After the memorization incident, however, I immediately began to wean myself of the topomirate.  The first day on the lowered dose, my ability to read clocks was instantly restored, and I knew I was doing the right thing.  Over the next week, my ability to learn new music gradually, but definitely, came back.

Here’s the most interesting thing, though: some time in that first week off the drug, I started feeling in shape again.

I had always thought that feeling in shape was purely physical, but the only thing that had changed was that I was off the meds.  That is, the only thing that had changed was that my brain was working better.

Do you realize what this means?  Being in shape is as much a result of your mental state as it is the result of your physical state. It’s not just how much you go to the “practice gym” that counts, it’s what and how you think while you’re there!

So, what’s the optimal way of thinking to generate that feeling of being in shape?  While I don’t know yet, I will be exploring this in practice and in future posts.  If you have any opinions on the topic or similar experiences, please share them in the comments below. I would love to hear from you – I am sure your thoughts on the subject will spur me on!

Photo credits:  Shutr & digitalbob8

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6 Comments to

“Experimenting with Drugs (don't try this at home!)”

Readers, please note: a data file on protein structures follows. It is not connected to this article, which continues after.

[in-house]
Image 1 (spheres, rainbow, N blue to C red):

1. On June 18th, 2010 at 4:21 pm Matthew Taylor Says:

    Hi Zara
    Your observations are so true. I have had other anti seizure medications and it has the same effect on me. Glad I’m not the only one who feels this. I love your blog keep it up.
    Matthew Taylor

  2. On June 18th, 2010 at 4:28 pm admin Says:

    Thanks for the instant reply, Matthew! My doctor looked at me like I was crazy when I described the effects, so it’s interesting to hear that you had a similar experience.

  3. On June 21st, 2010 at 3:26 pm Helen Bledsoe Says:

    Zara, I’ve also experienced serious concentration problems while on antibiotics. That meds mess with your mind is true, and what is interesting is your _perception_ of whether you are in shape or not. What is going on there? Is one in shape or not? And if so, why don’t you feel as if you are? What’s missing? I don’t know. Best wishes, Helen

  4. On June 23rd, 2010 at 10:58 am admin Says:

    Interesting that you’ve had issues with antibiotics. As for being in shape, I think that there must be some sort of ‘mental’ component…there’s the physical part that is your various muscles being trained, and then maybe a mental state that ties them all together? I don’t know yet, either!

  5. On October 27th, 2010 at 2:39 am tom seaman Says:

    check out a book by Csíkszentmihályi Mihály, I believe it is called “flow”…
    about the feel of being in shape, in the flow, etc.

  6. On November 12th, 2010 at 1:10 am invlove Says:

    I’m also concerned that maybe all these years all we really need is a mental diet. I’m currently on for 2 weeks now. I eat 6 times a day & all I do is watch exercise tapes. Imagining that I’m really doing them and yet some how my arms are toner & my legs hurt.